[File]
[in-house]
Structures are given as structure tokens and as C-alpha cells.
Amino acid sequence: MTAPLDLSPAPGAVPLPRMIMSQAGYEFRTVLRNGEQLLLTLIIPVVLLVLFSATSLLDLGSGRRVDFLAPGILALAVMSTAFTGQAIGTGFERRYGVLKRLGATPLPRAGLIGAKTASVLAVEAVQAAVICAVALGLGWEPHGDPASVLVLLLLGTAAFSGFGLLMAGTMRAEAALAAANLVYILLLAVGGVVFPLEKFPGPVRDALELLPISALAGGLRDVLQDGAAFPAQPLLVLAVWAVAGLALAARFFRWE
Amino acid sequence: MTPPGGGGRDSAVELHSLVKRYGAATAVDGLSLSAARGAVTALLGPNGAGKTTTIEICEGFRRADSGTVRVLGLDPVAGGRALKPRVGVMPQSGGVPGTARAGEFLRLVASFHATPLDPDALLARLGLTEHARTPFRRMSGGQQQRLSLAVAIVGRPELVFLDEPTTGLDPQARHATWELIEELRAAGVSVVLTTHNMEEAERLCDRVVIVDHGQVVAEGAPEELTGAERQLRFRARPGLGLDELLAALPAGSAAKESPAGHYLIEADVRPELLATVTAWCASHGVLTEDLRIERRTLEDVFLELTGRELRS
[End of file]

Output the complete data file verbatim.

[in-house]
Structures are given as structure tokens and as C-alpha cells.
Amino acid sequence: MTAPLDLSPAPGAVPLPRMIMSQAGYEFRTVLRNGEQLLLTLIIPVVLLVLFSATSLLDLGSGRRVDFLAPGILALAVMSTAFTGQAIGTGFERRYGVLKRLGATPLPRAGLIGAKTASVLAVEAVQAAVICAVALGLGWEPHGDPASVLVLLLLGTAAFSGFGLLMAGTMRAEAALAAANLVYILLLAVGGVVFPLEKFPGPVRDALELLPISALAGGLRDVLQDGAAFPAQPLLVLAVWAVAGLALAARFFRWE
Amino acid sequence: MTPPGGGGRDSAVELHSLVKRYGAATAVDGLSLSAARGAVTALLGPNGAGKTTTIEICEGFRRADSGTVRVLGLDPVAGGRALKPRVGVMPQSGGVPGTARAGEFLRLVASFHATPLDPDALLARLGLTEHARTPFRRMSGGQQQRLSLAVAIVGRPELVFLDEPTTGLDPQARHATWELIEELRAAGVSVVLTTHNMEEAERLCDRVVIVDHGQVVAEGAPEELTGAERQLRFRARPGLGLDELLAALPAGSAAKESPAGHYLIEADVRPELLATVTAWCASHGVLTEDLRIERRTLEDVFLELTGRELRS